The Huntington High School yearbook has been published yearly in a format close to the current one since 1930. The annual publication takes many dedicated students to design, compile and edit and the 2021 edition will be no different.
This school year’s edition of The Huntingtonian won’t be released until next June, but the yearbook club is already working on the book. All students are welcome to join the club. Teachers Elizabeth Casazza and Kristin Fortunato serve as the club’s faculty advisors.
“This year we have many new members, possibly because it’s easier to attend the meetings online, but mainly since it’s exciting to be part of a club that will have a final product everyone can feel proud about,” Mrs. Casazza said.
Putting the yearbook together is a huge undertaking. It runs hundreds of pages and contains several thousand photos that tell the story of the school year from start to finish. The quality of the books has risen dramatically from decades ago as technology has advanced.
“Everyone has been working hard taking on several tasks such as creating an online ballot for the Senior Superlatives section,” Mrs. Casazza said. “Ryan Aguirre and Kemberlin Hernandez Veliz did an excellent job updating some of the categories. Talented Alexa Rind is taking on the task of photographing and designing the superlatives page. New members Gracie Renkewitz and Katie Renkewitz have designed an original cover for the 2021 Huntingtonian. Joseph Nicotra contributed his time as consultant in the design of the cover as well.”
Sophia Segal is handling the duties of treasurer and Allison Quinn is the yearbook club’s recording secretary. The pair is integrally involved in this year’s publication.
Huntington’s School Heritage Museum includes copies of every high school yearbook published since 1930. Prior to that year, smaller sized pamphlets were issued annually. Those publications were more literary in nature, but did contain some recaps of events, clubs and sports teams. Those pamphlets are also in the School Heritage Museum’s collection.
“The yearbook club could not run efficiently without the ideas, help and dedication of Mackenzie Madison,” Mrs. Casazza said. “She has been wonderful in the way she’s reached out to the Class of 2021 ensuring that everyone gets the opportunity to be featured this year.”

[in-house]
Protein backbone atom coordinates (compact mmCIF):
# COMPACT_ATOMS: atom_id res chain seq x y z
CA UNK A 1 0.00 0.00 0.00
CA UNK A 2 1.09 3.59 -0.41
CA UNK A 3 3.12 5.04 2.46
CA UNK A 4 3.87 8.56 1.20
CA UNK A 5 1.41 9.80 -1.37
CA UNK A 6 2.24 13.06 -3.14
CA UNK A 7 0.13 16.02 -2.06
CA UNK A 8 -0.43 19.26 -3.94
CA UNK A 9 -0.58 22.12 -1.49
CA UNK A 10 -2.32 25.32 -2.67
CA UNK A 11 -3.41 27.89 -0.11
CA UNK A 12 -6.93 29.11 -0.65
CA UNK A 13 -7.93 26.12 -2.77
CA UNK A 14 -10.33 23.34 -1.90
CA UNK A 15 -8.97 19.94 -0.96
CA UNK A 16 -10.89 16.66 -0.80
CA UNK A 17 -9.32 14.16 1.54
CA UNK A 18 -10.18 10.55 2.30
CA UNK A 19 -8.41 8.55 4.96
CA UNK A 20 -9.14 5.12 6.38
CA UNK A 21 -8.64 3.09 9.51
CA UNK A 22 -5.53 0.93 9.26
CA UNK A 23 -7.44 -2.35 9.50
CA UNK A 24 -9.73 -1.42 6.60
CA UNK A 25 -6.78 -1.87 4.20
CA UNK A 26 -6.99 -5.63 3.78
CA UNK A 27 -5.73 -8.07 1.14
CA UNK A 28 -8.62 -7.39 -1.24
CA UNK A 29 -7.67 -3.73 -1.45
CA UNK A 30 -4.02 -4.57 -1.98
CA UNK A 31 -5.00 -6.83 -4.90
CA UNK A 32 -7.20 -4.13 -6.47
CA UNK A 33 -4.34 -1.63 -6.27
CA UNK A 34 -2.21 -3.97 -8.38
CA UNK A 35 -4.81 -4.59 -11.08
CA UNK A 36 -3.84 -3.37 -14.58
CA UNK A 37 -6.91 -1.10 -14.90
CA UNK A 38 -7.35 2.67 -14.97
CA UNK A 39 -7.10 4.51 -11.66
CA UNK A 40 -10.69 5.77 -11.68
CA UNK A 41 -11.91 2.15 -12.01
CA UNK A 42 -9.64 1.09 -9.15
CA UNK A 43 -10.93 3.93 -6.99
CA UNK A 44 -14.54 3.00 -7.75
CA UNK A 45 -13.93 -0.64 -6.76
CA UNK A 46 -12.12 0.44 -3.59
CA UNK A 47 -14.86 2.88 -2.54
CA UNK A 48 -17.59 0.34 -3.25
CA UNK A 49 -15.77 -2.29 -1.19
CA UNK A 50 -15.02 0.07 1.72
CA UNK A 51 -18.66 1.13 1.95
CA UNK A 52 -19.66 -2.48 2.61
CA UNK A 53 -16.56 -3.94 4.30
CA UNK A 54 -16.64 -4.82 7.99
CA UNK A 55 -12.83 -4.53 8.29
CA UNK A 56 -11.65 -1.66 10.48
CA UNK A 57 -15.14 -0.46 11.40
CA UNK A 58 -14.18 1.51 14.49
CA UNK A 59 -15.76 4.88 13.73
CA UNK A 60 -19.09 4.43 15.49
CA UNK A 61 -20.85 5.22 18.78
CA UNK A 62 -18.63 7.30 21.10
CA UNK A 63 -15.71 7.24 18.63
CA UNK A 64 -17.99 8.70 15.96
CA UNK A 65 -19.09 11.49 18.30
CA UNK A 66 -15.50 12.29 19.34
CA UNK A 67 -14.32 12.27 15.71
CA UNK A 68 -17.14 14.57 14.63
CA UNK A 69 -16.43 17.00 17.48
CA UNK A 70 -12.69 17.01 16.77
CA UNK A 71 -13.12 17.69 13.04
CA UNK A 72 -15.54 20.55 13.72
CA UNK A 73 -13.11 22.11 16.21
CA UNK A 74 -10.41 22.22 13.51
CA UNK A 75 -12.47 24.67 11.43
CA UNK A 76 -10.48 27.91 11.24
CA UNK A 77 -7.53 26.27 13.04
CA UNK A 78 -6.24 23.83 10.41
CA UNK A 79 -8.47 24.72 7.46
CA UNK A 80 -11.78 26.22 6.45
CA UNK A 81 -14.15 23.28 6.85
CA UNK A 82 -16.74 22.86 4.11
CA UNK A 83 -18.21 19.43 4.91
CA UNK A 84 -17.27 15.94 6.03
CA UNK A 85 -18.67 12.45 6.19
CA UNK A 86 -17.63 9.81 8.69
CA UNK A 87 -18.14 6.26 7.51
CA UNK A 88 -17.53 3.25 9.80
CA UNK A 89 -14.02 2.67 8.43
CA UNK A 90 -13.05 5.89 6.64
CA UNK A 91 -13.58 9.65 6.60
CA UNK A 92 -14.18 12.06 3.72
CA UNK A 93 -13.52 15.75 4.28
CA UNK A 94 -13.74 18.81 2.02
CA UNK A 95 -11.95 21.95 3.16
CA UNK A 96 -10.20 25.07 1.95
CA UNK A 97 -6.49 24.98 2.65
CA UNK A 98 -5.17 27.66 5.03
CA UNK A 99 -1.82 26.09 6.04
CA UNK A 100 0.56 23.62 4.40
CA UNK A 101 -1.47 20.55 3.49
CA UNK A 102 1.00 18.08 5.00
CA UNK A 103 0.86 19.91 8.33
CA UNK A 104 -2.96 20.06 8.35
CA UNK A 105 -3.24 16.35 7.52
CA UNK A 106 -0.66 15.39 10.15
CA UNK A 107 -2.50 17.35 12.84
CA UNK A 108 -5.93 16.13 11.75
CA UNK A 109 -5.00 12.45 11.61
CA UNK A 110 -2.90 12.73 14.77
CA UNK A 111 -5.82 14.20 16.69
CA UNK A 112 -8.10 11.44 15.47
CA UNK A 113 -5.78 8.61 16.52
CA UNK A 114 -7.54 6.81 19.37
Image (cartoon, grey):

Ms. Madison operates the yearbook’s Instagram account, which can be found at @hhsyearbook.2021. The account allows yearbook staff members to disperse information and motivate classmates to contribute pictures and ideas. “The publishing company has strict deadlines that we must meet, therefore the help that Mackenzie and the club members provide is priceless,” Mrs. Casazza said.
There’s always a need for writers, artists, photographers, technology whizzes, editors, proofreaders and a long list of other specialties. There’s also a need for advertisements, which help keep the price of the book affordable.
Seniors are also encouraged to join the Class of 2021 Yearbook Remind @ hhs2021yb for information on upcoming events, links and deadlines.
The two faculty advisors said they are “thrilled” that club members are coming up with new ideas for the publication. “This year, we will be adding new sections titled Where Do You See Yourself in 10 years, Alumni Parents and Seniors, Seniors at Lunch, College Acceptances and several other surprises,” Mrs. Casazza said.
Yearbooks can now be purchased for $85 by visiting www.yearbookordercenter.com and entering school code 4579 through January 22, 2021. Personal ads and name stamps can be purchased at the same link through the same date. After January 22 the price will increase to $95.
Send an email to Mrs. Casazza at email@example.com or Mrs. Fortunate at firstname.lastname@example.org@hufsd.edu for more information about the yearbook or to get involved or discuss placing an advertisement in the 2021 edition.